2. The initiation: We can see Hercules since he got born, and later when he grew up found out the true about him-self.
  3. The Journey: The journey of Hercules was to become a true hero so he can join the gods.
  4. The Fall: In this case I consider the fall when Hercules make a deal with Hades to give his powers away to save Megara. I couldn’t say that it was at the beginning when he was stolen to earth, because he was not aware of that.
  5. Death and Rebirth: This phase is familiarized when Hercules threw him-self to the lake of death to save Megara, and then he revived once he gained back his strengths again.
  6. Battle between Good and Evil: We can see this when Hercules fought every monster that Hades sent after him to kill him.

Archetypal Symbols and Associations:

  1. Light-Darkness: I assume that the light can be represented after Hercules gain the intellectual illumination when he became a god, and the darkness represents while he was on earth with out known his true origin. He was feeling despaired and had a sense of not belonging to earth.
  2. Supernatural Intervention: In this case Hercules had supernatural intervention of his father Zeus after he gave him some advises and Pegasus to protect him.
  3. Underworld: In this movie the Underworld is where Hades lives with the deaths.
  4. Heaven-Hell: They call “heaven” the Mount of Olympus where the gods were and “hell” the Underworld where Hades resides with all the deaths.
  5. The Crossroads: The crossroads in this case is when Hercules took the decision to give his life for Megara by jumping to the lake of death. This was the prove a true hero that he needed to become a god.

How does your selected narrative media represent Jung’s three basic myth archetypes (primordial, universal, recurrent)?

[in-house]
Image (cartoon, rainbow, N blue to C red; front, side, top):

Primordial characteristics:

The primordial characteristic of Hercules was his strength. Since he was young he experienced a supernatural power that told him somehow he didn’t belong to earth. As he grew up he realizes that he is a son of the gods.

Universal characteristics:

In this case the universal characteristics was the desire to find the true about one-self. Some time people feel like there are things in life that they are not really informed of. Hercules always wanted to find out why he was so different to the people around him. He was not sure either if he belongs to his current family neither.

Recurrent characteristics:

Hercules as most of the people have been concerned with their creation and the meaning of their existence. This is a characteristic and concerns that is universal, therefore, archetypal.

 How does it depict Jung’s ideas of the ‘Shadow’, the ‘Amina’, and the ‘Persona’? Does the hero/protagonist accomplish Jungian individuation? Why or why not?


As Jung suggested in his article “Carl Jung and Archetypes” the shadow; “the shadow holds emotions such as jealousy and repressed desires such as avarice, which most people would prefer not to recognize as apart of their being. The villain is a shadow character” (p. 4). In this case the villain character is Hades, Zeus brother. He always wanted to take control of the Mountain of Olympus, and jealous of his brother Zeus.


According to Jung in his article “Archetypal/Mythological/ Approaches to Literary Criticism” the anima; “is the feminine impulses within the male subconscious; nurturing, loving, emotional, sensitive, vulnerable” (p. 1). In this case the anima is Megara. She was the Hercules’ true love, and made him very emotional, and vulnerable. She helped Hercules to find his sensitive part of personality.


According to Jung persona; “Often the personal is perceived as quite different from one’s true self. The chief function of the persona is to mediate between the ego and the world outside” (p. 5.). In this case Hercules is the hero, and his is the persona character. Before he became a god, he had to live a mortal live which was the social personality or actor’s mask that everyone puts on the face of the world.


Jung C. “Carl Jung Archetypes” (p. 4).

Jung C. “Carl Jung Archetypes” (p. 5).

Jung C. “Archetypal/Mythological/Jungian Approaches to Literary Criticism” (p. 1).